The 2,572 acre project includes treatments within the Upper Lake Wildland Urban Interface. It includes a combination of prescribed fire, non-commercial and pre-commercial and commercial thinning, hand and machine piling, and mastication and fuel break construction.
On Day two, participants caravanned up to the Pine Mountain area near Lake Pillsbury for a field learning exercise. Folks were dispersed into five groups comprised of agency foresters, recreationists, fire/resource specialists, local government, conservationists, and other interests.
Pine Mountain Lookout Cabin
A Popular Reserved Campsite
Photo: Don Amador
The groups were assigned to a specific area where they were to share their values, perspectives, and ideas on what a forest health/fuel treatment project might look like. Issues discussed included needs for public safety/access, restoring land to historic pine and oak woodland mosaic, creating improved current and future forest condition for the Northern Spotted Owl (NSO), economic opportunities benefitting the local community, protection of Native American Indian cultural resources, improving habitat for hunting and other recreational activities, and making the area resilient to both human and natural fire starts.
FS Specialist, Gary Urdahl, Discusses NSO Habitat
Photo: Don Amador
There was a sense of urgency to the discussions since the Pine Mountain area has not seen fire in the last 80 years and is vulnerable to burning with high intensity if subjected to a wildfire. This area provides critical NSO habitat, dispersed recreation opportunities, and reserved camping at the popular Pine Mountain Lookout.
The FireScape Mendocino Core Team will be discussing next steps and our continued efforts to engage local stakeholders to help in a long-term collaborative program to support a healthy and fire resilient Forest and surrounding landscape.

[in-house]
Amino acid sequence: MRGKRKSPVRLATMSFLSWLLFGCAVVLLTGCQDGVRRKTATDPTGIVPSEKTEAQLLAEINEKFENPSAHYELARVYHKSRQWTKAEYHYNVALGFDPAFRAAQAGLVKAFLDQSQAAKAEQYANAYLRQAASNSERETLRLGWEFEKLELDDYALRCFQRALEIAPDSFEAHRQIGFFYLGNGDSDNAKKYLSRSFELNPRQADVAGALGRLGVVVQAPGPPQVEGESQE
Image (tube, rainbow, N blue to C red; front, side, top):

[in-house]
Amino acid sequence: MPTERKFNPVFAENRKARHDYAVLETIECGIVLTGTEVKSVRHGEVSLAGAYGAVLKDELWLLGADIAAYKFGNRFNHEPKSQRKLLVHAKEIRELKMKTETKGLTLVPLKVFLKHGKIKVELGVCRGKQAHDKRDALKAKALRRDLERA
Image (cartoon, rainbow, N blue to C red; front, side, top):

Tuesday, November 17, 2015
Field Trip from Workshop at Covelo
Please join us in Corning for the seventh in a series of workshops for FireScape Mendocino, Wednesday, December 2 and Thursday, December 3, 2015 from 9:00 a.m. to 4:30 p.m. daily.
FireScape is a voluntary collaborative of residents, agencies and organizations working to shape the future of our fire-prone landscape in and near the Mendocino National Forest. Taking the next step in this collaborative effort, our goals will be:
• Hear from participants about ongoing work related to our shared values and continue refining FireScape Mendocino strategies.
• Explore potential areas of work near Paskenta and what might be involved in working at a watershed scale.
• Discuss the summer’s fires and the effectiveness of some readiness efforts.
• Learn about large-scale fire planning and risk assessment, and discuss its possible utility for fire planning.
During this two-day event, participants will work in both small and large groups, indoors and outdoors. Guided by the best practices of the North America Fire Learning Network, our collaboration is designed to enable people with diverse perspectives to find zones of agreement where we can achieve tangible results in our communities and the surrounding landscape.
We need people...... With local community perspectives... Who enjoy outdoor recreation (camping, hunting, hiking, OHV, etc.) ... With perspectives on living with wildfires... Who manage land - whether it’s a ranch, timberlands or their backyard ... With thoughts about community and landscape planning ... With enthusiasm and an interest in the future of our local landscapes.
All meetings are open to the public and all are welcome to participate. If you know someone who might be interested in this, please pass along this invitation.
Prior workshop attendance is NOT required – Please come if you are interested! Lunch will be provided both days.
There will be a field trip on Wednesday, lasting much of the day and participants should be prepared for changing weather conditions in the field. The trip will be accessible, not leaving roads or trails.
*IMPORTANT NOTE: Due to limited parking/road access during the field trip, FireScape Mendocino will be assigning you to ride in one of the event vans. The only exception is if you are a government official that may be called to an emergency.
Location & Dates:
Wednesday, December 3 & Thursday, December 4
Corning Grange Hall
20955 Corning Rd
Corning, CA 96021
9:00 a.m. to 4:30 pm
In order to make sure we have food and materials for everyone, we ask that you register by
Wednesday, November 25. To register, or for more information, please contact Marilyn Perham at
530-897-6370 ext. 200 or by email at firstname.lastname@example.org